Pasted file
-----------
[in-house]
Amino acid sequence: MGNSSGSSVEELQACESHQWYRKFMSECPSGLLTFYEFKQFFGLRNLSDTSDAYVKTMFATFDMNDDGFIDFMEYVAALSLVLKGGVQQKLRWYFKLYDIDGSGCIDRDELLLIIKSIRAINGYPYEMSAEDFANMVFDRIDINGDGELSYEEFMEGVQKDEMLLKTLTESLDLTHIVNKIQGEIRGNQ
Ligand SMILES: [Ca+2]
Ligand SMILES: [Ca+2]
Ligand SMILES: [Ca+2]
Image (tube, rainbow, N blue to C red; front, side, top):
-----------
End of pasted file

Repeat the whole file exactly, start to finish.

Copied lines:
[in-house]
Amino acid sequence: MGNSSGSSVEELQACESHQWYRKFMSECPSGLLTFYEFKQFFGLRNLSDTSDAYVKTMFATFDMNDDGFIDFMEYVAALSLVLKGGVQQKLRWYFKLYDIDGSGCIDRDELLLIIKSIRAINGYPYEMSAEDFANMVFDRIDINGDGELSYEEFMEGVQKDEMLLKTLTESLDLTHIVNKIQGEIRGNQ
Ligand SMILES: [Ca+2]
Ligand SMILES: [Ca+2]
Ligand SMILES: [Ca+2]
Image (tube, rainbow, N blue to C red; front, side, top):